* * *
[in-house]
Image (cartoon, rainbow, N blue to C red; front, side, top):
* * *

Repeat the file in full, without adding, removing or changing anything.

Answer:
[in-house]
Image (cartoon, rainbow, N blue to C red; front, side, top):